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Flying with my Brompton: gate-checking experience

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Flying with my Brompton: gate-checking experience

Old 05-13-12, 01:34 AM
  #76  
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Originally Posted by cbike View Post
In the ticket like a guy couple spots behind me loudly asked me "WHAT BIKE IS THIS?". I answered as quiet and discretely "a folding bike" just to get another "WHAT BIKE?". I answered "a brompton". At that time the cat was out of the bag but luckily the counter person never questioned me about it.
When taking a Brompton to a conference, that time in a case, I put nearly as much effort to conceal the bike from other conference participants as from the airline. I was pretty sure to encounter some random participants in the check-in line and potentially run into situations such as above. Those few who knew for one reason or another were asked to keep their mouth shut.
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Old 05-14-12, 09:27 AM
  #77  
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Gosh, all this makes me wonder why there is so much lack of uniformity (i.e., inconsistency) in the system of commecial carrier travel. Every trip to the airlines or bus service would be/is stressful when you don't know what to expect. You don't want to get stranded, pay high fees, or have your bike damaged because it gets placed in a spot for transport that you weren't prepared for.

On our local transit I am asking the question - "do you allow folding bikes on and if you do what are the restrictions?" Many on this forum say just don't ask (cover it or just bluff your way on etc.), but I think the only way to have it consistent from driver to driver and route to route - so that you can count on getting home or getting to your destination - is to ask the question so that the answer can be disseminated throughout the system. In addition, I have offered to demostrate boarding and stowage options to the "powers to be" and have linked them to some good resources and successful examples of other transit agencies that allow folders.
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Old 06-14-12, 11:03 AM
  #78  
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Ok, similar situation as everyone above.

I am actually moving from Southern California to Seattle. Since this is a work relocation, they are paying for the move. They are providing temporary housing for 2 months while I look for permanent housing. They are going to move all of my stuff over there but it will be in storage until I find a permanent house so I won't have access to the majority of my stuff.

So all of my bikes will be in storage except for my Brompton. I plan to bring that with me on the plane when I relocate so that I can have a bike up there.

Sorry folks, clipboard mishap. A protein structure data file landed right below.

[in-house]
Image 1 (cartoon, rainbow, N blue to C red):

I have the Brompton B bag so I am thinking of packing up my bike with bubble wrap and filling up the bag with clothes and other stuff so that the bike is relatively secured. But as all of us have seen, those baggage handlers like to grab bags and toss them from one location to another. I don't know if the bike will be good when those guys tossing it from belt to cart, to belt with other big bags on top, etc.

But it looks like the success rate in recent years on gate checking has been iffy at best. I am flying Alaska Air if that matters.

Anyone have any more info on bringing a Brompton onto an airplane for travel?

fyi, I usually travel with my xootr scooter on planes. It works well and there's never a problem.
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Old 06-14-12, 11:31 AM
  #79  
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Originally Posted by RVD72 View Post
Anyone have any more info on bringing a Brompton onto an airplane for travel?
Brompton's marketing of the B Bag make it sound like it's designed for flying with your bike.. If you add bubble wrap & clothes you're probably pretty safe, if you choose to check it in.

Based on my experiences flying to and from Japan (above), I think that I'll still gate check the bike next time. But I will try to get some clear plastic hose from the hardware store that is big enough to cover 1) the main frame tube, 2) the right fork blade, and 3) the handlebar riser. Those were the only places that got scratched last time. Using tough, clear plastic hose will not add any significant weight or bulk, and allow baggage handlers to see it's a bike - hence (in theory) they may still treat it a bit more carefully.

Last edited by yangmusa; 06-14-12 at 03:27 PM.
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Old 06-14-12, 02:50 PM
  #80  
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Originally Posted by yangmusa View Post